We began to suspect that perhaps the fact that I wore hearing aids for 23 years kept my auditory nerve stimulated to the point that it was kept in a state of readyness and once the CI activated it was just a matter of understanding and for some reason I was getting clarity and distinguishing the different tones without a problem. Dr Pijl was pretty amazed.
We did that for both programs and that took most of the day, plus trying to work around the 5 problem electrodes and see if there was a way to re-add them back without causing the eye tick but we couldn't because at a level where the eye stopped twitching, the sounds were too soft for me to really understand. We kept increasing the sound for both programs as after about an hour,
a level which initially would be almost TOO intense would seem too soft, as I learned to adjust to the stimulation. Dr Pijl got a kick out of how I kept asking him if we could turn them up more *grin*
So at around 3pm we called it a day, and went back to the hotel. I had a nap, then Mom and I watched some TV - and I found out that during some commercials that weren't closed captioned, I was understanding what the actors were saying!
Mom and I just spent the evening going over what had happened and talking and playing cards. I loved how they sounded when shuffled.
Wednesday morning we worked on the third program for most of the morning then equalizing all the elctrodes and optimizing the programs, more counting, telling which of 5 tones were softer or louder, making it all balanced out, more breaks to listen to this and that outside, etc
Then after lunch, we meet with Cindy, the audiologist. She's a sweetheart - she's the one who did all my preliminary testing in November and December prior to my being approved for my CI.
So... she says we are going to try some tests...word recognition etc just to see if the CI is picking things up correctly.
She gives me a list with words on it....three words to a line. She wants me to pick out which word she is saying without lipreading or looking at her face...so we start... I get one right...then another...then another... 3/4 of the way down the page, she takes the paper out of my hand "well THAT'S too easy for you!"
So we move onto a different test...she wants me to follow along while she reads a sentence and pick out 1 of 2 different words for example "Joe went to see/saw a cat" (ignore proper english)She'd say one of the 2 words and I'd have to tell if she said see or saw
3/4 of the way down THAT list..."too easy"...
So she hands me another paper with groups of 4 sentences.
Now she is going to read a sentence and I have to pick out what it was out of the 4 listed in each group on the page.
So she says the first and I'm reading the paper...easy to discern because I can put the sound together with what I was reading "The Goldfish is in the bowl".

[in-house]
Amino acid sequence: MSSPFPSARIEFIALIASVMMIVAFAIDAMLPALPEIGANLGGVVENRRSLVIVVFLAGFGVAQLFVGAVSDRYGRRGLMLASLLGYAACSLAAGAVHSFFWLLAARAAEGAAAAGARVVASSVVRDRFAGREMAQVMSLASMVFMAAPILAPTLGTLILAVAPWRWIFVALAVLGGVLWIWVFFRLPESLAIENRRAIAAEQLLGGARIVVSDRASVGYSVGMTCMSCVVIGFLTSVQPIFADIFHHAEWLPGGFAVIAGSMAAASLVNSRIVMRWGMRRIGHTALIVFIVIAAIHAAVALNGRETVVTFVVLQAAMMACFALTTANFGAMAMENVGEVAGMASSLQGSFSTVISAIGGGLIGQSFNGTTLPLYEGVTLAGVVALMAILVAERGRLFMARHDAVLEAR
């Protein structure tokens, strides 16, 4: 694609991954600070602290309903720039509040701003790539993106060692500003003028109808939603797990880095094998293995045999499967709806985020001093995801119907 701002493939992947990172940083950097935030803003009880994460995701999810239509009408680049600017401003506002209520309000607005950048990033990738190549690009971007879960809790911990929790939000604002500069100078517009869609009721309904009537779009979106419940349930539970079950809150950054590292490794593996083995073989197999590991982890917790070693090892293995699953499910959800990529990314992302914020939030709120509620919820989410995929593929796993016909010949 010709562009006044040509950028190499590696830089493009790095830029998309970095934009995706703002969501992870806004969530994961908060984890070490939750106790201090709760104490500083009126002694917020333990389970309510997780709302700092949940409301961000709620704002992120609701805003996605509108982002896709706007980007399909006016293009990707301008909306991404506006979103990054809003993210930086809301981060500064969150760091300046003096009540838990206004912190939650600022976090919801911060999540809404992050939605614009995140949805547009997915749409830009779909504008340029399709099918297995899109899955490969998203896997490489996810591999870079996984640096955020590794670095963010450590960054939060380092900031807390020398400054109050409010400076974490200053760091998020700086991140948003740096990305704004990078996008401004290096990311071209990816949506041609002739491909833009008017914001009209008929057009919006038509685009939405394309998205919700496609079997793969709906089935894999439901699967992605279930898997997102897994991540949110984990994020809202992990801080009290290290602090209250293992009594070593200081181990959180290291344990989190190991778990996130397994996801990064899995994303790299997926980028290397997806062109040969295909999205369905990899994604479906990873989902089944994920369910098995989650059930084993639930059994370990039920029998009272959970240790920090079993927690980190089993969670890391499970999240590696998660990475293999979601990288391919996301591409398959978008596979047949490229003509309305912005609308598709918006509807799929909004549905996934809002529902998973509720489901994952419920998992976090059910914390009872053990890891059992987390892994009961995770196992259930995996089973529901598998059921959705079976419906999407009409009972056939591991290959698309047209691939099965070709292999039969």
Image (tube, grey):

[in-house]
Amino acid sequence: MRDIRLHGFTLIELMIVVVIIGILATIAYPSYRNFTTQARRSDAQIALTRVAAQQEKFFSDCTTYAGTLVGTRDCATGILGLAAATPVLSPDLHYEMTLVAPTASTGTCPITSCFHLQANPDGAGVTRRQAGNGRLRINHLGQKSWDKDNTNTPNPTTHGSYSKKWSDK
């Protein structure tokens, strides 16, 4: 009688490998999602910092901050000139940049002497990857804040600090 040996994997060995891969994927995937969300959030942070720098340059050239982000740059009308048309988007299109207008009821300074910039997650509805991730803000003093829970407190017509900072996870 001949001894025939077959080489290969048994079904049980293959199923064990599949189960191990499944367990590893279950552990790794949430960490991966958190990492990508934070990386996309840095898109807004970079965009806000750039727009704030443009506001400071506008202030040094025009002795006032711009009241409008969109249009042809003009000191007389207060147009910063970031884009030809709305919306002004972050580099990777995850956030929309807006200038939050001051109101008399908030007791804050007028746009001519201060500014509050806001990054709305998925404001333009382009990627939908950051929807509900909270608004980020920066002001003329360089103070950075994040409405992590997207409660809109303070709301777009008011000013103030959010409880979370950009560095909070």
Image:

She gets ready to say the 2nd sentence...and on a whim, I just turn my head to the left and DON'T look at the paper...I closed my eyes...and she said the sentence. Without opening my eyes I repeated what I thought I heard.
Then looked at the paper...and I was right.
"There is no sunshine today"
That was the first full sentence I understood in 24 years.
24 years - and I understood it completely.
And we all cried. Oh man.... thats when it really hit home.
So we went through the rest of the list...without me reading it...and I got them all right.
Then she went on to "categorical sentences" like what you'd hear in the morning
"how are you today?"
"Would you like eggs for breakfast?"
"lets have a cup of coffee"
"did you sleep well?"
And I got all but the "lets" in "lets have a cup of coffee"
mindblowing doesn't BEGIN to describe how I felt. I was crying. Mom was crying, Cindy was crying...it was just so dang emotional.
Then she starts explaining how I'll continue to increase my ability to understand language, how with some people it will probably be very easy to understand, for others I may always have to lipread them a little. (lisps, accets etc play a part too) She then asked me if I wanted to try listening on the phone to her answering machine message and see if I could understand it...so
she calls her office....and I get out "Helo, You have reached Cindy's answering service"....then some more words, it was a bit garbled after that..... then "If you would like to leave a message I'll get back to you as soon as possible. Thanks for calling".
Again.. more astonishment. She went back to her office and had me call her...and we had a converstation on the phone!!!!
Now mind you - she's a audiologist. She knows how to enunciate properly to make it easier for hard of hearing people to understand her, and while I could not understand every word, I was able to understand most. She recited days of the week on the phone and asked me to repeat them and I got all correct except Tuesday and Thursday - the two T words were difficult to separate.
Cindy said there are people who have had their CI'S for 6 months who couldn't do what I did on the 2nd day. Mindblowing huh? That was the end of day 2 - what a way to end it on a high note!!!!
Dr Pijl had said he thought that we'd probably be able to leave thursday afternoon because I was just breezing through all the tests without a problem.